Urbanization has negative effects on bird populations in cities all around the world. This is especially true for migratory birds. When birds migrate through heavily populated areas, they are likely to face issues that impact their migration. Many passing birds end up injured or dead because of urban infrastructure issues; bird collisions with glass structures such as windows and glass bus shelters can cause a significant amount of bird fatalities for migrating birds (Barton et al., 2017; Bracey et al., 2016). Bird behavior is also affected by urbanization as it limits the migration of some migratory birds (Bonnet-Lebrun et al., 2020). There have been many studies such as Bonnet-Lebrun’s (2020) study that focus on the effects of urbanization on bird populations as well as studies regarding urbanization and migratory birds. However, there are few studies that look at the effects of urbanization on migratory birds in small cities. Similarly, there are few studies that provide solutions to these issues that often affect migratory birds just as much as in large cities. Regardless of budget concerns, small cities should propose a set of solutions that are aimed to reduce threats that harm migratory bird populations. Furthermore, more scholarly research should be conducted to better understand these issues and find new solutions.

Urban Concerns

While there are many issues in urban areas that affect bird populations, some of these issues are of greater concern towards migratory bird populations either through the number of migratory birds they affect or how they disproportionately affect migratory birds as compared to all bird species. These concerns can be broken down into two main categories: physical concerns and behavioral concerns. Physical concerns as defined by this paper encompass concerns towards migratory bird populations in terms of their physical wellbeing, such as bird-window collisions and domestic cat mortality rates. Behavioral concerns as defined by this paper encompass concerns regarding behavioral changes in migratory birds such as changes in migration patterns. This section highlights some of the prominent concerns in migratory bird conservation efforts.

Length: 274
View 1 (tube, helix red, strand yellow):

Physical Concerns

Physical structures and structure collisions are one of the most prominent issues that migratory birds face, specifically building collisions. Loss et al. (2014) stated that one of the top sources of bird collision mortalities from human causes is building collisions. They found that roughly 365-988 million birds are killed each year due to building collisions, and the largest group of vulnerable species was migratory birds. One of the most prominent causes of building collisions are windows. The amount of glass on the building is positively correlated with bird mortality rates due to window collisions (Loss et al., 2014). While bird-window collisions affect all birds, it particularly affects migratory birds. The largest group of vulnerable species are long distance migrants, likely because their use of different habitat types and encounters with more buildings over their long migrations increases their susceptibility to collisions (Loss et al., 2014). In a study conducted by Bracey et al. (2016), migratory species were killed at higher rates than year-round species. This occurs since migratory bird species are more likely to be attracted to areas with heavier tree cover and water during their migration, and thus are more likely to collide with windows around these areas (Cusa et al., 2015, as cited in Bracey et al., 2016).